Top Chef: Seattle Recap
By Kim Hollis and David Mumpower
December 4, 2012
Sheldon’s mahi mahi is a big hit other than a slight bloodline on Tom’s dish. He still says that it’s cooked perfectly. In fact, this dish inspires an entire anecdote about how mahi mahi was originally delivered to Seattle illegally via Pan Am flight attendants. I guess if your dish encourages your customers to tell stories, you’re doing all right.
Hugh comments that Micah’s vegetables are just blah, but Naomi likes the combination of veggies that thinks that their look is just right. Apparently, Texas Roadhouse is stuck in the 1950s.
We come to Carla’s squab, and while Padma likes the sauce, almost everyone else criticizes it. Hugh doesn’t like the way it’s been cut, while Naomi and others believe it’s been cooked too long. It’s possible that Carla had made the right call about cooking the squabs medium rare, but overcompensated for the judges’ dishes once she realized that they were too raw for most customers.
Stefan receives some of the rosiest commendations of the evening. Everyone agrees that his dish is effectively a time capsule from 1950s. Emeril Lagasse delivers a backhanded but apt compliment when he states, "Finally he left something alone." Porsche or not, Emeril clearly does not think much of Stefan's culinary skills.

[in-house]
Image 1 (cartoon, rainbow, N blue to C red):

The surprise of the evening is that Kristen receives the "my hat's off" treatment from the Canlis brothers. This is an aspect of Top Chef that occurs infrequently. If a participant is stuck with a food such as onion rings, they had better get it right. The responsibilities for this meal are uneven. Kristen could have grown frustrated by the cooking assignment that the kids get while the grown-ups do the real cooking. Instead, she took onion rings seriously and appears likely to finish at the top.
CJ, on the other hand, suffers the inverse fate. His shish kabob dish is a mess. Hugh Acheson confirms our suspicion that the meat is mealy. Ordinarily, this is code for failure on Top Chef. While we love CJ, he has struggled in two out of three elimination challenges thus far. Similarly, Bart's reputation is not matching his performance. Once again, the chefs are disappointed by the plate of food he serves. Does Belgium ever retroactively retract knighthood?
The final two servers are Eliza and Danyele. The former woman is concerned because the sherbet is not cold enough. The instant we see her dishes, we appreciate that her worries are unfounded. Her mint sherbet is menu picture perfect while her fresh frozen Hawaiian pineapple parfait only needs to be in black and white to seem perfectly at home in the 1950s. Danyele's dessert is equally appetizing. The royal Hawaiian supreme is magnificent.
The judges rush to judgment and the judgment is, "We love sugary desserts!" This is why we lead the world in diabetes per capita but if loving ice cream is wrong, we will never be right. Oddly, there is very little discussion of the judges beyond "Yum!"
While sitting at the table, the judges quickly discuss the dishes that will comprise the best and worst dishes. There isn't much back and forth here; instead, the consensus is clear. Everyone knows who knocked this challenge out of the park and who failed miserably.